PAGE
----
Joan cleared away the tea, tucked her book under one arm, and went to the craft closet.  She pulled out an armful of Kayla’s art supplies — paper in different colors, string, tape, glitter, glue, scissors.  She dumped the stuff on the kitchen table in front of Leland, and then she fetched some kebab skewers from the kitchen to work as sticks.

When Kayla had spilled chocolate milk on a self-portrait she’d been drawing — a charming smiley-face person with stick limbs jutting out at weird angles — she’d cried and cried until Joan made her draw a new one.  A replacement.

“Show me the fish kite,” Joan said.

“I can’t do that.”  Leland shoved the art supplies away from him, into the middle of the table.  A tear formed in the corner of his eye.  “I remember telling you about it.  You know what it looks like, as well as I can describe.”

“Make a new one.”  Joan checked the time on her phone.  She still had plenty of time, but she needed to get out.  She couldn’t help her ex-lover make a kite like he was her child.  He needed to do this alone.  And even if he didn’t, she needed to keep her distance.  “Look, I have to go pick up my daughter from kindergarten.  Make a kite or not.  If you make one, I’m sure my daughter would love to help you fly it when we get back.  If not, lock the door on your way out.”

As she drove to the school, Joan argued with herself inside her head.  She was sure that her harshness had sent Leland running.  He was probably pouring a new bottle of pills down his throat right now.

When she got to the school, she sat in her car, listening to music, unable to focus on her book.  She kept telling herself that she’d made the right choice, walking out like that.  She could not blame herself for his weakness.  No amount of gentleness had saved him last time.  She would not be disappointed when she got home and Leland was gone.  Run back to his drugs.  His haze of forgetfulness.  It would be easier.

And it would have been.

Joan didn’t expect to get home with her daughter and find the table covered in scraps of paper and Leland covered in smears of glitter and glue.  She wasn’t prepared for how helpless and funny he’d look.  She wasn’t prepared for how interested she’d be in seeing the legendary fish kite.  She didn’t want to feel this invested.

The kite was a simple oval with a long triangular fin on one end.  The whole thing was covered in blue, green, and gray scales — little triangles of paper, shimmering with smudges of glitter.  It looked like something Kayla could have made.  The five-year-old loved it.

“My kite didn’t look anything like this,” Leland said.

“I bet it did, and you’ve just built it up in your memory.”

“My memories are clear.”

Joan arched an eyebrow at him, and Leland grumbled something she couldn’t quite make out about the drugs blocking memories rather than messing with them.  She picked up the kite.  “Come on, there’s a park across the street, and I think there’s enough of a breeze today.”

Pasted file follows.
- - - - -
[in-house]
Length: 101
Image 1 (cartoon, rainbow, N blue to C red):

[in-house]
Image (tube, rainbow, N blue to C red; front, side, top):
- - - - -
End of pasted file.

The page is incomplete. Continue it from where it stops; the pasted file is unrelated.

The kite wouldn’t fly, no matter how hard Kayla or Leland ran with it.  But it shimmered in the January sunlight, and Kayla laughed every time it crashed down in the soggy grass.  That child’s laughter was like fine Syrah — a deep, rich, red wine darker than Merlot — and just a few sips could make Joan drunk with love and happiness.  It seemed to have a similar enough effect on Leland.  His eyes started sparkling again, instead of glinting.  Joan loved that sparkle.

If Leland had gotten clean of the memory drugs ten years ago, they might have been doing this with their own child.  But then Joan wouldn’t have Kayla.

After one more swoop-and-crash, Joan said, “It’s time to go home.”

“What do we do next?” Leland asked.

It was time for Joan and Leland to part ways.  She needed to get back to her real life.  “Kayla takes a nap, and I read the book you interrupted.”

“No I mean–”

“I know what you mean,” Joan said.  “But I’m not your therapist.  I’m not your fiancé.  I’m not even your friend.”

He looked hurt.  He was so fragile now.  He had been all along, but when he’d been on the memory drugs, he could hide it.  A lion made of glass.

“Hang the fish kite up on your wall,” Joan said.  She hoped it would help him.  Even if it didn’t, this was all she had to give.

“It’ll remind me of what happened to the original one…”

“That’s the idea,” Joan said.  “If you’re not taking the drugs anymore, then you can’t forget the pain.  What you can do is accept it, and move on.”

He nodded.  Pensive.

“Look at it when you miss the old one.”  That would be better than all the years he’d spent looking for it, forgetting it was gone.  “Find other symbols.  Other small wounds you can heal.”  She held a hand out for him to shake.  His touch was a flash of magic — transportation for an instant back to her life ten years ago.  A place she didn’t want to go back to, yet missed nevertheless.

“Thank you,” he said.  “As soon as I remembered you, I knew you were the person I needed to come to.  I’m sorry I erased you all those years ago.”

Joan had never expected an apology.  She didn’t know how to feel about it.  She wasn’t sure that she wanted it anymore.  She had once.  Long ago.

Joan watched Leland leave.  His steps were hesitant, like a baby lamb, scared of everything and uncertain.  If his resolve failed, and he relapsed onto the memory drugs, he’d be back to perform this weird ritual again.  Maybe not right away, but eventually.

Kayla pulled on Joan’s hand and said, “Mommy, what was the fish-kite man’s name? I can’t remember.”

“His name’s Leland,” Joan answered.  “But you don’t have to remember it.  I don’t think we’ll see him again.”